The United States' special envoy to Haiti Ambassador Daniel Foote has resigned amid large-scale deportation of Haitian migrants to their homeland. In a note to US Secretary of State Anthony Blinken, Foote wrote that he 'will not be associated with the United States inhumane, counterproductive decision'. 

 US officials, unnamed, on Thursday confirmed Foote's resignation. 

Also read: Joe Biden hints 'executive action' on police reform as US Congress fails to deliver

“I will not be associated with the United States inhumane, counterproductive decision to deport thousands of Haitian refugees and illegal immigrants to Haiti, a country where American officials are confined to secure compounds because of the danger posed by armed gangs to daily life,” he wrote to Blinken. 

“Our policy approach to Haiti remains deeply flawed, and my policy recommendations have been ignored and dismissed, when not edited to project a narrative different from my own.”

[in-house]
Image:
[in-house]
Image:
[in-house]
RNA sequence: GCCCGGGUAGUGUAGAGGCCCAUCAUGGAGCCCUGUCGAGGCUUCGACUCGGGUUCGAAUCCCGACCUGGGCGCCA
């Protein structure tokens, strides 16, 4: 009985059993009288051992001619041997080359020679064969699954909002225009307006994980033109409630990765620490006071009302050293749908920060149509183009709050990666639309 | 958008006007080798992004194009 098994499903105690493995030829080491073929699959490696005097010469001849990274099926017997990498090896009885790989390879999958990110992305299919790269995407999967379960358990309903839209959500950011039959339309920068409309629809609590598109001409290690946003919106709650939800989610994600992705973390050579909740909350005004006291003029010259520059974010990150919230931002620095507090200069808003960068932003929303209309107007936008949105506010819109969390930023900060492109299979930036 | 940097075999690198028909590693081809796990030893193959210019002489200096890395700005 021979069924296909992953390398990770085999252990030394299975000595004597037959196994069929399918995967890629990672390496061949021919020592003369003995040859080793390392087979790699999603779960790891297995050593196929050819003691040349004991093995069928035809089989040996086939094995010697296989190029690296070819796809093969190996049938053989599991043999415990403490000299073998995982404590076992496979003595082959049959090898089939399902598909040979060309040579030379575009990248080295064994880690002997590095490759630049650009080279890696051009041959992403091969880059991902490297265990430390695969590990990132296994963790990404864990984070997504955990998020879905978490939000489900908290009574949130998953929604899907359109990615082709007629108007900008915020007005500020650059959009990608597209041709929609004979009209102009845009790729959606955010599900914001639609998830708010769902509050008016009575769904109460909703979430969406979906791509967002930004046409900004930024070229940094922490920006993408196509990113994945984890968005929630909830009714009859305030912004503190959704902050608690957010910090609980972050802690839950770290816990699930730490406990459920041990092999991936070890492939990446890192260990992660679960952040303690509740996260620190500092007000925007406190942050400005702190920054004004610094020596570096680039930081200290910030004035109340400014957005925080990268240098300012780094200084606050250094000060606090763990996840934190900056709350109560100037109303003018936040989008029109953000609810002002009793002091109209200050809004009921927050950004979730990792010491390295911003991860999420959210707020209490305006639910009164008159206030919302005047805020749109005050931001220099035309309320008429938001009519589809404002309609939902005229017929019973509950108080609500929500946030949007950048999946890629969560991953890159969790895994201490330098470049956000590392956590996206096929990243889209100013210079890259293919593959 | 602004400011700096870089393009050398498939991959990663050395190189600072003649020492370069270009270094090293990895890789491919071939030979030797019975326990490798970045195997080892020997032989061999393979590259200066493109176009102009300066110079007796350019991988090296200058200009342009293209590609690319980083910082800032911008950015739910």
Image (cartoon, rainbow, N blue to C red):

Daniel Foote was appointed as United States' ambassador to the Caribbean country after the assassination of Haiti’s President Jovenel Moise in July. 

The career diplomat was known to be deeply frustrated with what he considered a lack of urgency in Washington and a glacial pace on efforts to improve conditions in Haiti.

Also read: India, Japan ruled out of joining AUKUS: White House

One official, who was not authorized to publicly discuss personnel matters and spoke on condition of anonymity, said that Foote had consistently sought greater oversight of Haiti policy and that the administration did not believe his requests were appropriate.

The camp on Texas has shrunk considerably since surpassing more than 14,000 people on Saturday – many of them expelled and many released in the U.S. with notices to report to immigration authorities.

Images went viral this week of Border Patrol agents on horseback using aggressive tactics against the migrants.

The expulsion flights to Haiti began Sunday and there were 10 by the end of Tuesday, according to Haitian officials. U.S. officials say they are ramping up to seven flights a day, which would mark one of the swiftest, large-scale expulsions from the U.S. in decades.

Foote served previously in Haiti as deputy chief of mission and is a former ambassador to Zambia. In new role, he worked with the U.S. ambassador to support Haiti after the assassination of President Jovenel Moise.

With inputs from the Associated Press